vincing words that fell from his pea
in the later years of his life. It was
the life he lived, the noble ahn that
upheld him, as well as the genius with
which he was born, that made him out
of the greatest writers of our time.—
Helen Nicolay lu St. Nicholas.
sympathies were as broad and whose
kindness was as great as his moral
A Frenchman challenged an Amer
ienn to fight. The American, a husky
six footer from 1 ale. who had pltchec
.... , . . ,
crew, was loath to accept and took tht
Th«
AN ODD DUEL.
I*
to 111 *
iced
PoftMiblllttea
ell
Inti
ixl
if Hi
IlHll.
ou the baseball team and stroked the
matter as something of a Joke,
count pressed his desire for satlsfao
t , and at Ia8t tbe 8on of old En con
sented to meet him, stipulating that h«
should choose his own weapons. Sec
omis were agreed upon, and the mod«
of combat chosen by the American was
pains.
It was
baseballs at twenty paces,
dangerously close range for a man win
twirling iusboots
and outdrops over a twelve inch plat«
and likely to be a pretty accurate sbol
with a baseball, but the Frenchman
was game, and they met on the out
skirts of the city at daybreak.
Each was to have three shots, auc
spent three years

the count won the toss and there' >y the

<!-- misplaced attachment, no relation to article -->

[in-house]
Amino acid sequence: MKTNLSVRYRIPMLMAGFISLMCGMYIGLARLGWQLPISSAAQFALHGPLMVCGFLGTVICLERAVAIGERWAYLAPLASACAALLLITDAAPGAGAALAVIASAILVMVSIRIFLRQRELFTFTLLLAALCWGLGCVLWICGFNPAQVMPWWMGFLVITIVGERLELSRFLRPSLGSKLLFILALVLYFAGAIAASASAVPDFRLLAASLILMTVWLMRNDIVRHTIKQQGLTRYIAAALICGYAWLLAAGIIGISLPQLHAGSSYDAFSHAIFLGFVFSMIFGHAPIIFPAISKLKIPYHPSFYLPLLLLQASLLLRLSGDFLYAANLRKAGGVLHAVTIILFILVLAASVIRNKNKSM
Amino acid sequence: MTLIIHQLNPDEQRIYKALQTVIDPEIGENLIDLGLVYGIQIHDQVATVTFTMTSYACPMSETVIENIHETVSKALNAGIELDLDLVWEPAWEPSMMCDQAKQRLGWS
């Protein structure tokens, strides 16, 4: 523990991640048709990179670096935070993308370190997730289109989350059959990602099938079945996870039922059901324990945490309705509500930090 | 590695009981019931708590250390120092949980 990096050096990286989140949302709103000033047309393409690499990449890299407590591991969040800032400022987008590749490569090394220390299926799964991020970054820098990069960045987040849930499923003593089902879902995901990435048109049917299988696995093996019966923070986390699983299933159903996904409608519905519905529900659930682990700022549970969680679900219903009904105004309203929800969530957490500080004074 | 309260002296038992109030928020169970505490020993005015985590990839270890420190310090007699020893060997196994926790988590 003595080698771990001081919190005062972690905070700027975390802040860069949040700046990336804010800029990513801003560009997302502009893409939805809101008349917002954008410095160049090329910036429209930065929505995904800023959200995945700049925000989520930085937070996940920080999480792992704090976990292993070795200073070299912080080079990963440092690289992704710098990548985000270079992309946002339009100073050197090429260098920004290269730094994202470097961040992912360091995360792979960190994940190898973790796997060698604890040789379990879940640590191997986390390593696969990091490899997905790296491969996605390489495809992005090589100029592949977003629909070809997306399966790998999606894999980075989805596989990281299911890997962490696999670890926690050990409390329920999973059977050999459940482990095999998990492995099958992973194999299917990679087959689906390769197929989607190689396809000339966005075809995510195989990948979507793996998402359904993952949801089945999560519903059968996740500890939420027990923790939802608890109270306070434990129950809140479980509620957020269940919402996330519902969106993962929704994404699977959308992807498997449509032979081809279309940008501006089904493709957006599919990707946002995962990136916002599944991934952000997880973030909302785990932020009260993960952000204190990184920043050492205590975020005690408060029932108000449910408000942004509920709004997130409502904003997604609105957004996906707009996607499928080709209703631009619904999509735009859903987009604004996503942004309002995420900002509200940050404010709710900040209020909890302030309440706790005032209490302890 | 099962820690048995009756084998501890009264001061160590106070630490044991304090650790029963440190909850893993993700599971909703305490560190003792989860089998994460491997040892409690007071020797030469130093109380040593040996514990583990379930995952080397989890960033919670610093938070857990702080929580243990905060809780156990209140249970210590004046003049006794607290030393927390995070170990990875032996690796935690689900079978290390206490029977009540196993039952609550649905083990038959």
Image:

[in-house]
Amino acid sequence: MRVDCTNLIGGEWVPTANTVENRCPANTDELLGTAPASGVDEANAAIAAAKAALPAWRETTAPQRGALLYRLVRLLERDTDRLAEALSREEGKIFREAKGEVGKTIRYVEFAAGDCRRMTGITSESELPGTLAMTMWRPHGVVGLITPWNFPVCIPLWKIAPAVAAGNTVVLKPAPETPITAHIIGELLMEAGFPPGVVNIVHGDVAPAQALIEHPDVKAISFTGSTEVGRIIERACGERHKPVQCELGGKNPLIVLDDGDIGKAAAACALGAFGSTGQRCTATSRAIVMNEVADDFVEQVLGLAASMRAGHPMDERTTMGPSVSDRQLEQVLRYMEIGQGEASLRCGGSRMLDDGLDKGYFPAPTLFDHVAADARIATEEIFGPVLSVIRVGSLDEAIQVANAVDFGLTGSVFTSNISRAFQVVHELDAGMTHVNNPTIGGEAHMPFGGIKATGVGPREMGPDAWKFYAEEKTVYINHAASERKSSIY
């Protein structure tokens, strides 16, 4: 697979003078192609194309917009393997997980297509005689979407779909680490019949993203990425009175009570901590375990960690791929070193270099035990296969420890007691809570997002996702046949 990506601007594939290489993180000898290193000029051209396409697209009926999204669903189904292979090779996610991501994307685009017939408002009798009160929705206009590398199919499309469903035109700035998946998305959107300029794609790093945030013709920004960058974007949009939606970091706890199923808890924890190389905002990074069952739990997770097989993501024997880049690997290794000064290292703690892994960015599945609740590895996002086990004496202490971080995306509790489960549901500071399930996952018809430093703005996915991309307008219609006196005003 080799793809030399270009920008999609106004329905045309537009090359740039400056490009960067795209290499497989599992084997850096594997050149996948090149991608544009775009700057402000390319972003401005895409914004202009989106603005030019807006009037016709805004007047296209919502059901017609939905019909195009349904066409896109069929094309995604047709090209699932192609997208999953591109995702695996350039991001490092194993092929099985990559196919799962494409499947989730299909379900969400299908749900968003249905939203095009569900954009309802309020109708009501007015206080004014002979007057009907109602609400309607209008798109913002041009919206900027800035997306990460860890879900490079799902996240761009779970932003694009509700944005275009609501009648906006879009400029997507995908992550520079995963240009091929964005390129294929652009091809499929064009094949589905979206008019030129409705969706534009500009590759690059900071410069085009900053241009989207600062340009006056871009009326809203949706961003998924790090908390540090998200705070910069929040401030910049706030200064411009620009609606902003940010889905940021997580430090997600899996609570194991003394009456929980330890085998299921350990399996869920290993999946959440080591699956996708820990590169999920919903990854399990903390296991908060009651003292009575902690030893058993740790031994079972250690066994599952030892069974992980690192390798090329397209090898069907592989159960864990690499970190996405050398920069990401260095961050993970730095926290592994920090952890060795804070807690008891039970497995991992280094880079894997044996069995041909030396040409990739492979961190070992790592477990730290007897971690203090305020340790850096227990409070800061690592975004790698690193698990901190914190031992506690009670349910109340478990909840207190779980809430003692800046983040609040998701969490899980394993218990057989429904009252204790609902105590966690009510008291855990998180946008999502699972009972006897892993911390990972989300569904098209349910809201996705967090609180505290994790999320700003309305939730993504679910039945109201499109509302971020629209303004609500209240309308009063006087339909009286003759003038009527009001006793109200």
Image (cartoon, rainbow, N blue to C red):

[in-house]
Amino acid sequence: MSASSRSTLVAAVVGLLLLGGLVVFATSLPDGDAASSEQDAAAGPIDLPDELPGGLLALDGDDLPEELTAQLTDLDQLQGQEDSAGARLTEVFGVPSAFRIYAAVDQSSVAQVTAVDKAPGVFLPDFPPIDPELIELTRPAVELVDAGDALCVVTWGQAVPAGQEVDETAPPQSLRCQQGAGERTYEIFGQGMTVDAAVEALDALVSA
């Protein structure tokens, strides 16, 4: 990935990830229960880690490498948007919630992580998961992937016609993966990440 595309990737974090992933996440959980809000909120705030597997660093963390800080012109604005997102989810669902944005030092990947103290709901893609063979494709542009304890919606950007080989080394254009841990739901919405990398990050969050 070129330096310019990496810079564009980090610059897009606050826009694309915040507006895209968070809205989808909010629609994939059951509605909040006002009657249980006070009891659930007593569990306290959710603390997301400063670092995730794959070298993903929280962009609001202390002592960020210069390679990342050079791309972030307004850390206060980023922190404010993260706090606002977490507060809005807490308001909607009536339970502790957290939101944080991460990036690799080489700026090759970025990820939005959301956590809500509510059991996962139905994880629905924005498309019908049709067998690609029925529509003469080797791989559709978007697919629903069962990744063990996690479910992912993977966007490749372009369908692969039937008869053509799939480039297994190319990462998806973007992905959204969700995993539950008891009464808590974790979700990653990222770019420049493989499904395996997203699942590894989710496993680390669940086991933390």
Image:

privilege of leading off. Perhaps
had never seen a baseball before, and
at any rate, the man from Yale had nc
difficulty In «lodging the adamantin«
spheres which the son of Belie Franc«
sent scaling in his direction.
Then the American opened fire. Th«
first ball grazed the Frenchman'«
shoulder, the second lodged in the pit
of his stomach and the third, an in
him full ou the point ol
shoot, caught
the chin. He went down aad out and
' never challenged another American fit
izen.
quick relief from pain afforded by
applying Chamberlain's Pam Balm
akes it a favorite witli sufferers from
rheumatism, sciatica, lame lack, lum
muscular
Chnnoe For a Lnagh.
Aspirant What ilo you think of my
little poem. "He Always Rcfustnl t«
Smile?" Editor—Well. I think If yoa
had given him the poem to read yo«
would have broken the spoil.
For Rheumatic Sufferers.
The
hign, and deep seited and
For sale by C V. Johnson.
it
Local and Personal.
Geo. Saad will leave Monday for
0 , • , t , T
Spokane to attend a meeting of the In
tell for cost or less, rather than to keep
rhem over. Also, all our fascinators
H. Enholm left Monday fo r Seattle.
Smith Brothers have some feed cut
ters at a bargain.
land Harness dealers.
We have a few furs left that we will
and shawls go at cost.
Rev. J. E. Seth of Spokane and M.
E. Anderson of Tacoma will preach at
Ncra this evening, Feb. 1st, at 7:30,
and on Sunday, the 3rd, at 11 a. m.
and 7:30 p. m.
Tomorrow evening, Feb. 2, at 7:30
P- m -» »he Ladies Aid of the Swedish
Congregational church of Nora, will
hold their annual sale at the Nora
church. You are invited.
. _
D. D> nsmor c returned to Iroy
Wednesday from Spokane.
the head end collision January 17, a'
Spangle and is still limping from a bad -
ly sprained foot. Both feet were in
He was in
jured.
graduate of the American School of
Osteopathy, Kirksville, Mo., arrived
0- C. Keller, Osteopathic physician,
Wednesday. Dr. Keller is going ta
locate here for the piactice of his